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And seized black Auster's rein.
Then Aulus sware a fearful oath,

And ran at him amain.
"The furies of thy brother
With me and mine abide,
If one of your accursed house
Upon black Auster ride!"

As on an Alpine watch-tower

From heaven comes down the flame,

Full on the neck of Titus

The blade of Aulus came:

And out the red blood spouted,

In a wide arch and tall,

As spouts a fountain in the court

Of some rich Capuan's hall.

The knees of all the Latines

Were loosened with dismay

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When dead, on dead Herminius,

The bravest Tarquin lay.

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And Aulus the Dictator

Stroked Auster's raven mane,
With heed he looked unto the girths,

With heed unto the rein.

"Now bear me well, black Auster,

Into yon thick array;

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So answered those strange horsemen,
And each couched low his spear;
And forthwith all the ranks of Rome
Were bold, and of good cheer:

And on the thirty armies

Came wonder and affright,

And Ardea wavered on the left,

And Cora on the right.

"Rome to the charge!" cried Aulus;

"The foe begins to yield!

Charge for the hearth of Vesta!

Charge for the Golden Shield!

Let no man stop to plunder,
But slay, and slay, and slay;
The Gods who live forever
Are on our side to-day."

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Then the fierce trumpet-flourish

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From earth to heaven arose.

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The kites know well the long stern swell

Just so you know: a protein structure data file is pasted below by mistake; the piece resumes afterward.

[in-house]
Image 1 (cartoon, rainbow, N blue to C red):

That bids the Romans close.

Then the good sword of Aulus
Was lifted up to slay:

Then, like a crag down Apennine,

Rushed Auster through the fray.

But under those strange horsemen
Still thicker lay the slain;
And after those strange horses

Black Auster toiled in vain.
Behind them Rome's long battle
Came rolling on the foe,
Ensigns dancing wild above,

Blades all in line below.

So comes the Po in flood-time
Upon the Celtic plain:

So comes the squall, blacker than night,

Upon the Adrian main.

Now, by our Sire Quirinus,

It was a goodly sight

To see the thirty standards

Swept down the tide of flight.

So flies the spray of Adria

When the black squall doth blow,
So corn-sheaves in the flood-time
Spin down the whirling Po.

False Sextus to the mountains
Turned first his horse's head;
And fast fled Ferentinum,

And fast Lanuvium fled.

The horsemen of Nomentum

Spurred hard out of the fray;

The footmen of Velitræ

Threw shield and spear away. And underfoot was trampled, Amidst the mud and gore, The banner of proud Tusculum,

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That never stooped before:

And down went Flavius Faustus,

Who led his stately ranks

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From where the apple blossoms wave

On Anio's echoing banks,

And Tullus of Arpinum,

Chief of the Volscian aids,

And Metius with the long fair curls,

The love of Anxur's maids, And the white head of Vulso, The great Arician seer, And Nepos of Laurentum, The hunter of the deer; And in the back false Sextus

Felt the good Roman steel,

And wriggling in the dust he died,
Like a worm beneath the wheel:

And fliers and pursuers

Were mingled in a mass;

And far away the battle

Went roaring through the pass.

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Sempronius Atratinus

Sate in the Eastern Gate, Beside him were three Fathers,

Each in his chair of state;

Fabius, whose nine stout grandsons

That day were in the field,

And Manlius, eldest of the Twelve

Who kept the Golden Shield;

And Sergius, the High Pontiff,

For wisdom far renowned;

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In all Etruria's colleges

Was no such Pontiff found. And all around the portal,

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And high above the wall,

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